Spring 1997

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**Spring 1997:** Tuesday, 4:30 - 7:10 p.m., S&T I, Rm. 2B

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**Graduate Teaching Assistant:** Necmettin Mutlu,
nmutlu@site.gmu.edu

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**Prerequisites:** ECE 421 or POI

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**Text:** *Lab Manual* -- will be available in the Johnson
Learning Center, Room 117

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**Introduction:**

The faculty supervisor for this course
is Dr. Beale, Room 257, Science and Technology II,
993-1596. His office hours are shown on his homepage. The GTA will be
responsible for providing assistance to the students during the lab and
during his/her office hours. The GTA will also be responsible for all
grading in the lab, and will set standards for the grading. The weighting
of the various experiments will be based on the number of weeks assigned to
the experiments.

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**Objectives:**

The objective of this laboratory is to enable the students to strengthen
their understanding of the design and analysis of control systems through
practical exercises. This will be accomplished by using modern software
resources to analyze and simulate the performance of realistic system models
and to design control systems to satisfy various performance specifications.

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**Overview:**

The control systems laboratory consists of three separate units. Each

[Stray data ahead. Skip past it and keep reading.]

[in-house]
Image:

unit consists of several experiments. Unit A involves analysis and
controller design for a fairly simple system model. Unit B involves the
design and analysis for a much more realistic system. Unit C involves
compensator design for a system involving pure time delay. Students in the
lab will be divided into groups of two students each. Students will
document each experiment with a description of their procedures, results of
their analysis or design, and plots as appropriate. The reports for the
various experiments within a particular set will be turned in to the GTA at
one time when the set is completed.

This set of experiments is intended to provide students with a review of standard control system design techniques for a fairly simple single-block system. Gain compensation is used initially, and then dynamic compensators, such as phase lead or phase lag, are used to satisfy certain performance requirements. Requirements are given in both the time domain and frequency domain.

Unit A.1, Unit A.2, Unit A.3

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**Unit B -- 5 weeks:**

This set of experiments is intended to introduce students to the design of
control systems for more realistic applications. An X-Y plotter is a
widely used electromechanical device whose pen must follow independent,
time-varying, X-axis and Y-axis input signals quickly and accurately. The
system to be controlled consists of a DC servomotor and pen carriage.
Measurements of pen position and velocity are available. Each axis can be
considered separately. These experiments involve control system design such
that certain specifications are satisfied and a study of how the structure of
the controller affects performance.

Unit B.1, Unit B.2,
Unit B.3

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**Unit C -- 4 weeks:**

The transfer function which is to be used in this set of experiments
arises during the study of control system design of first-order systems
which have pure time delays in them, and the purpose of the controller is
to work with different values of time delay. This turns out to be
equivalent to another control problem, namely designing a compensator
which works with a particular transfer function representing a
"fictitious" system. The system to be controlled in this set of
experiments is the fictitious system, and part of the set will involve
investigating the dependence of the value of the time delay on the
characteristics of the compensator.

Unit C.1, Unit C.2,
Unit C.3

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*Latest revision on
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